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Customer reviews

4.2 out of 5 stars
Format: Audio CD|Change
Price:$35.90+ $3.49 shipping

on June 17, 2002
This CD is one of my favourites. The musicians Mendes has assembled are superb and the songs are infectious. If the music doesn't lift your spirits, check your pulse!
The CD comes with terrific notes about how the album was created and outlining the styles and dances each song employs. It begins and ends with 100 Brasilian percussionists thundering out their unique rhythms in a parking lot, capturing what you would hear on the streets of Rio during Carnaval.
I love the Brasilian take on rap in "What Is This?" Beats the heck out of any other rap I've heard.
Other outstanding tracks include
Magalenha, featuring solo singer, 9 voice chorus and 15 piece percussion group
Indiado, integrating Brasilian, reggae and African rhythms, and supplementing the Brasilian musicians with L.A. guitar/bass/drums and Sergio playing synthesized funky horns on his keyboard.
Lua Soberana, written by the Brasilian songwriting team Lins and Martins, has a wonderful female vocal
But, every track is terrific!
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on August 6, 2003
Sergio Mendes started out in Brazil as a young and highly regarded arranger. In 1965 he put together an international band and had a number of huge pop hits that combined traditional Brazilian rhythms and songs with American pop, and for a few years he was one of the most popular acts in the world. But the American and European infatuation with watered down Brazilian music faded as the British invasion began in earnest, and Mendes and his various bands fade from public view.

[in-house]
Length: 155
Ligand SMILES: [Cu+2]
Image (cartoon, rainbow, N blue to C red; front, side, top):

With this album, though, Mendes has returned to a very basic and completely authentic Brazilian sound- far more authentic than the original Brasil '65 band. And it's an absolute treat. The sound of Carnival just echos through this album, and if you close your eyes you can imagine yourself in the middle of it all on the streets and beaches of Rio. Highly recommended for fans of Brazilian music, fans of Mendes, and people who just like to dance.
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on April 27, 2002
This is NOT the Sergio Mendes of Brasil '66, great as that group was. And yet it IS the same Sergio. What I always liked about Brasil '66 was that if you listen carefully to even their soft-pop songs (as well as their more ambitious ventures), you can hear Sergio's exquisite attention to detail, to arrangements that were complex and inventive even when they fit a rather limited pop bossa nova formula. That attention and inventiveness are in full force here, but in "Brasileiro" Sergio abandons any formula except that of capturing authentic Brasilian sound in all its variety and energy. To accomplish that he has brought together an incredible ensemble of Brazilian musicians and songwriters (with help in the studio by a small band of Americans). The result is an album that throbs and pulses with Rio carnival intensity, soothes with beauty, and soars with joy. It is also the kind of album that can make you want to immerse yourself further in Brasilian music by discovering other artists from that country.
I especially enjoy the percussion-based songs of the writer-singer-drummer Carlinhos Brown (try the first three tracks). Although I am no fan of hip-hop, Carmen Alice's Brasilian adaptation of the form on "What is This?" (Track 4) is a charming winner. The subsequent songs by Brasilian writers Lins, Martin, Gulinga, Pascoal and Bosco are more lyrical and at moments can even remind one (barely) of Sergio's earlier sounds, but he has left his bossa nova days in the dust with this amazing, knockout performance. Buy it! And if you don't like it check your pulse to make sure you still have one.
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on June 14, 2003
If you don't find yourself picking up a passport and contacting a travel agent after listening to this CD, if only to dream of being in the same place where these musicians sang and played, then you're not listening to the same CD!